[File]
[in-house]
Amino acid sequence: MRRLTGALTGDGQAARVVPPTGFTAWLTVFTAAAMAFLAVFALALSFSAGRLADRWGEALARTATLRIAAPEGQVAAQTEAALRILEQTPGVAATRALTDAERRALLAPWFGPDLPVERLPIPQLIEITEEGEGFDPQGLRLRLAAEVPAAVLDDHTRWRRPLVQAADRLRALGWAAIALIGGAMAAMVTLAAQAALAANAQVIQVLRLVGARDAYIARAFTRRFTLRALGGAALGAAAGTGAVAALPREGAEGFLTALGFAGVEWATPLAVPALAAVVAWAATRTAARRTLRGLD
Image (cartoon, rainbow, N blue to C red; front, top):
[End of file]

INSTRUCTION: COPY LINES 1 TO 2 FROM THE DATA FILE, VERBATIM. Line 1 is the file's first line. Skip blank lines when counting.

[in-house]
Amino acid sequence: MRRLTGALTGDGQAARVVPPTGFTAWLTVFTAAAMAFLAVFALALSFSAGRLADRWGEALARTATLRIAAPEGQVAAQTEAALRILEQTPGVAATRALTDAERRALLAPWFGPDLPVERLPIPQLIEITEEGEGFDPQGLRLRLAAEVPAAVLDDHTRWRRPLVQAADRLRALGWAAIALIGGAMAAMVTLAAQAALAANAQVIQVLRLVGARDAYIARAFTRRFTLRALGGAALGAAAGTGAVAALPREGAEGFLTALGFAGVEWATPLAVPALAAVVAWAATRTAARRTLRGLD